A single intradermal injection of IFN-γ induces a psoriasis-like state in both non-lesional psoriatic and healthy skin
psoriasis is a chronic, debilitating, immune-mediated inflammatory skin disease. As IFN-γ is involved in many cellular processes, including activation of T cells and dendritic cells (DCs), antigen processing and presentation, cell adhesion and trafficking, and cytokine and chemokine production, IFN-γ-producing Th1 cells were proposed to be integral to the pathogenesis of psoriasis. Recently, IFN-γ was shown to enhance IL-23 and IL-1 production by DCs and subsequently induce Th17 cells, important contributors to the inflammatory cascade in psoriasis lesions. To determine if IFN-γ indeed induces the pathways leading to the development of psoriasis lesions, a single intradermal injection of IFN-γ was administered to an area of clinically normal, non-lesional skin of psoriasis patients and biopsies were collected 24 hours later. Although there were no visible changes in the skin, IFN-γ induced molecular and histological features characteristic of psoriasis lesions. IFN-γ increased a number of differentially expressed genes in the skin, including many chemokines concomitant with an influx of T cells and inflammatory DCs. Furthermore, inflammatory DC products TNF, iNOS, IL-23, and TRAIL were present in IFN-γ-treated skin. Thus, IFN-γ, which is significantly elevated in non-lesional skin compared to healthy skin, appears to be a key pathogenic cytokine that can induce the inflammatory cascade in psoriasis.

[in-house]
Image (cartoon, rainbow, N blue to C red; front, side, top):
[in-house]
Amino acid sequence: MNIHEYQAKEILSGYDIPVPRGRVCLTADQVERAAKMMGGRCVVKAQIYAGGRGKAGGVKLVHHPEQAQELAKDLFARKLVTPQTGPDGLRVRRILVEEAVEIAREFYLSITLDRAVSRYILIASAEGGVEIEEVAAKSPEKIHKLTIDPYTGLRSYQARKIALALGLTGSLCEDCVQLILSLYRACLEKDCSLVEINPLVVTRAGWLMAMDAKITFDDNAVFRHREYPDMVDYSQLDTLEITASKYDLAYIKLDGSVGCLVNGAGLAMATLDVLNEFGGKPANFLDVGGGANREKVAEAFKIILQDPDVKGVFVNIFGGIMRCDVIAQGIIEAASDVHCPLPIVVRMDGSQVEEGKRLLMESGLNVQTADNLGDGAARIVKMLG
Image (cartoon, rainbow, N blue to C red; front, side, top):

keywords: NCBI GEO expression profiling by array
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